Getting Stoned With The Savages!
25 June 2011 | Viani Bay, Fiji
It has been a while since I blogged last. I must have fallen into a sun-induced coma under a shady palm tree somewhere along the way. Sorry to all that follow the blog. We arrived in the main port of Suva on the south island of Viti Levu since my last blog, and after a short stop there, we headed out to the Great Astrolabe Reef, then we started sailing up the east coast of the Fijian island chain. With over 300 islands it is easy to get sidetracked. We eventually sailed into a little port town called Savusavu, which is a popular area for sailors to moor for a few days and just relax, get provisions and hit a few restaurants. The clocks run slow here and it is nice to be back on island time. Everything runs slower and the Fijians are pretty laid back...well, most of them. The Customs officers in Savusavu unfortunately run a bit tighter. When we arrived in Savusavu, we knew we had to check in with Customs and let them know that we had arrived from a different area in Fiji, but what we didn't know was that we had to get an outbound clearance from our last port of Suva before arriving. Oops! Yah, big oops. When I arrived in the Customs office, I was asked for our clearance papers. I said, "what clearance papers?" It reminded me of a scene out of Blazing Saddles, "badges, we don't need no stinking badges", but if I said I didn't need no stinking clearance papers, I'm sure I would have been in it even deeper.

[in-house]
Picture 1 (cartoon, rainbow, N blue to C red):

And so it began. In the end I was sat down in a small room off to the side of the processing area and told I would have to pay a fine of $1250.00 Fijian dollars (approx. $750.00 Canadian). I was blown away. I explained that it was an honest mistake and that I simply didn't know. Ignorance is no excuse sometimes. Even in the laid back islands. I was told that if I didn't pay, then it would become a criminal matter and it would go to court, where I could be jailed. Ok, this isn't so much fun now, buddy! Things were started to spiral out of control a bit. I finally left and said that I would let them know in twenty-four hours what was going to be my choice. Although I knew jail was not at the top of my list. Part of me was thinking about making a run for the country of Wallis and Fortuna. It is a few day sail and they don't require arrival papers from your last country of departure, but that was just asking for it. Doors one and two didn't seem great, so I started looking for door number three. In the end I found a Fijian who used to work within the old regime of Fiji before the coup, and he knew the chief officer at Customs. They were old friends from the island of Koro and he said he would speak to him and try to work things out for me. In the end, I was told not to do that again and that was all. Just shut up, keep my mouth closed, follow the rules and I wouldn't have to pay. Terrific! I thanked my new Fijian friend, bought him a case of beer to show my gratitude and made sure I got outward clearance when I left Savusavu. Whew, close call! Time to get the hell out of Savusavu.